Social aspects of clothing  

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Train wreck at Montparnasse (October 22, 1895) by Studio Lévy and Sons.
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Train wreck at Montparnasse (October 22, 1895) by Studio Lévy and Sons.

Dress codes may be enforced by private entities, usually imposing a particular requirement for entry into a private space. "Dress code" may also refer to a social norm.

Dress codes function on certain social occasions and for certain jobs. A school or a military institution may require specified uniforms; if it allows the wearing of plain clothes it may place restrictions on their use. A bouncer of a disco or nightclub may judge visitors' clothing and refuse entrance to those not clad according to specified or intuited requirements.

Some dress codes specify that tattoos have to be covered.

A "formal" or white tie dress code typically means tail-coats for men and full-length evening dresses for women. "Semi-formal" has a much less precise definition but typically means an evening jacket and tie for men (known as black tie) and a dress for women. "Business casual" typically means not wearing jeans or track suits, but wearing instead collared shirts, and more country trousers (not black, but more relaxed, including things such as corduroy). "Casual" typically just means clothing for the torso, legs and shoes.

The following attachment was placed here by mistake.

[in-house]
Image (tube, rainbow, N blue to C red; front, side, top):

Transparent or semi-transparent clothing can play with the boundaries of dress-codes regarding modesty.

Dress codes usually set forth a lower bound on body covering. However, sometimes it can specify the opposite, for example, in UK gay jargon, dress code, means people who dress in a militaristic manner. Dress code nights in nightclubs, and elsewhere, are deemed to specifically target people who have militaristic fetishes (e.g. leather/skinhead men).

See also shoe etiquette, mourning,



Unless indicated otherwise, the text in this article is either based on Wikipedia article "Social aspects of clothing" or another language Wikipedia page thereof used under the terms of the GNU Free Documentation License; or on original research by Jahsonic and friends. See Art and Popular Culture's copyright notice.

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